- Better Accessibility: Providers specializing in video accessibility have the advanced speech technologies needed to provide highly accurate results. Better captioning will ensure greater access for audience members who may or may not have a hearing-related disability.
- Greater Audience Engagement: High quality captions that come from professional captioning solutions are known to increase engagement levels and improve comprehension outcomes
Zoom Closed Captioning: How It Works
Professionals who depend on Zoom, whether it be for day to day communications or large group meetings are implementing captioning as accessibility features. Live captioning for Zoom benefits individuals who are Deaf, but also assists with information retention while helping participants focus. For those who are looking to implement a 3rd party CC service for Zoom meetings, it’s useful to evaluate the different ways that providers have implemented this solution. Here’s how the 3rd party closed captioning service for Zoom works when using Verbit.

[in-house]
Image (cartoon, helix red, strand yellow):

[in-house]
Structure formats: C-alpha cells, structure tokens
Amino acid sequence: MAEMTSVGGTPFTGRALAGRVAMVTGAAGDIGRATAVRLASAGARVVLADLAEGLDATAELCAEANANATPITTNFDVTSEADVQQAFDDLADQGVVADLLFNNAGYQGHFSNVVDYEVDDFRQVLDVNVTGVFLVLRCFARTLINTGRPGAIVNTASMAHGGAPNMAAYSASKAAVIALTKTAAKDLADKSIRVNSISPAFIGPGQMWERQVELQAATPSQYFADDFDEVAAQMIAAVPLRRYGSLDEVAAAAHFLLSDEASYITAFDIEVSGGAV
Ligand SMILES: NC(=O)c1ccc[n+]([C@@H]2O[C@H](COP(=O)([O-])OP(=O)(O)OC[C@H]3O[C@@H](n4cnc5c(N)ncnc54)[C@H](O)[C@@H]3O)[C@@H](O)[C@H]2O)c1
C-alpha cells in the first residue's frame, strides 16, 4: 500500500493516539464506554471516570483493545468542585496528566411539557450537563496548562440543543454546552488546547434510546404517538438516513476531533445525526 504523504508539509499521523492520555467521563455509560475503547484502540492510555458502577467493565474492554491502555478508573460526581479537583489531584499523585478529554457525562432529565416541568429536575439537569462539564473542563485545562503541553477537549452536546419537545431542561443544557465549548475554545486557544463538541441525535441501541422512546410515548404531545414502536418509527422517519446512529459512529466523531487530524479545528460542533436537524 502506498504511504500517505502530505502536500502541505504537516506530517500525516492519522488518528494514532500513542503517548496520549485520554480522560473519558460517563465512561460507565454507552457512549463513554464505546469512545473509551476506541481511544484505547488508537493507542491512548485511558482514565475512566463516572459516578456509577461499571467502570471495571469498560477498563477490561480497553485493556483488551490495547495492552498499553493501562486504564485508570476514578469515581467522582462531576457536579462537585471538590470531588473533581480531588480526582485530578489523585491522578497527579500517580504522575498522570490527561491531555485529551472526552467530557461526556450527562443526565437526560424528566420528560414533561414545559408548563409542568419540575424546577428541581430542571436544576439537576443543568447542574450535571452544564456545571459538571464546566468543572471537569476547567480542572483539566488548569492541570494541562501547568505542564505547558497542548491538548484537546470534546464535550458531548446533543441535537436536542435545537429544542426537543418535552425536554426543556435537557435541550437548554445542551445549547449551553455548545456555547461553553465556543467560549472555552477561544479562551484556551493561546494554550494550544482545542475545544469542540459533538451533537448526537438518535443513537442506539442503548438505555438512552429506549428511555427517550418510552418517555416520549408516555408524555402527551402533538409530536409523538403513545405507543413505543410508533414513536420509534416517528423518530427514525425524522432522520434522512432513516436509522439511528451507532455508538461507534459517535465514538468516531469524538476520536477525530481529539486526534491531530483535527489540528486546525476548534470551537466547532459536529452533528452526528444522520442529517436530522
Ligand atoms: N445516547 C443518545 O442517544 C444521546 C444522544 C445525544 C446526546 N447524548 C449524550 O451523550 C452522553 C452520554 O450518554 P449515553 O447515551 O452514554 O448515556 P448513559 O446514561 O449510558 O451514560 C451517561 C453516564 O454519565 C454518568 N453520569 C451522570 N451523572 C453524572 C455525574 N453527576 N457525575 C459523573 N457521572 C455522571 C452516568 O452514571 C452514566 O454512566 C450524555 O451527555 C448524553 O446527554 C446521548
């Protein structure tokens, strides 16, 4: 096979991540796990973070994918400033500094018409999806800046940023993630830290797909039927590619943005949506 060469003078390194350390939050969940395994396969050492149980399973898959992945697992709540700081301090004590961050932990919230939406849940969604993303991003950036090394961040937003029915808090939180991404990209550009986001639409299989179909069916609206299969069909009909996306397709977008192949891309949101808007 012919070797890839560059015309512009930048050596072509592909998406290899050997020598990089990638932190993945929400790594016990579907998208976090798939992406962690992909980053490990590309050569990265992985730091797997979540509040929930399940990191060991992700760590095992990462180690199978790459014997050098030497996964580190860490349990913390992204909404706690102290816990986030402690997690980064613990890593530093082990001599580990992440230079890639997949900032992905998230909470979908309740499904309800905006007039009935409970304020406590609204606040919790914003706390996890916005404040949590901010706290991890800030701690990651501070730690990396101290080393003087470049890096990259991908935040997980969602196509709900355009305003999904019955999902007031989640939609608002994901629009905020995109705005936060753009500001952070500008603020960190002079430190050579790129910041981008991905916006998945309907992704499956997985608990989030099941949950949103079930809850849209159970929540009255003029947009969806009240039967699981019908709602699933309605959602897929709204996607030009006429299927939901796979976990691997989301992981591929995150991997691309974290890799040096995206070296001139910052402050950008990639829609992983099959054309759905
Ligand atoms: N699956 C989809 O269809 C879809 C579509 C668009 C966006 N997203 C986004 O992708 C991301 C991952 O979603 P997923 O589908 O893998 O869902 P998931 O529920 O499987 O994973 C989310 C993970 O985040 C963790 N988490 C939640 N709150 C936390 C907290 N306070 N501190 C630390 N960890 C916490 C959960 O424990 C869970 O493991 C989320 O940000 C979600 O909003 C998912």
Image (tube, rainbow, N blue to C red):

AI Zoom Live Captioning
For implementing Zoom captions, providers like Verbit offer the ability to connect an AI captioning solution to live sessions. The speech to text technology is able to ‘listen’ to the audio and instantly produce captions for the audience.
The live automatic captioning offered by Verbit uses a professional transcriber who edits the results in real-time for greater accuracy. Once captions are edited, the captions are sent directly to the closed captioning feed within Zoom. Users can also make copies of the transcription from the event for later use, such as to send a copy of the transcript to attendees and for creating gated content for marketing purposes.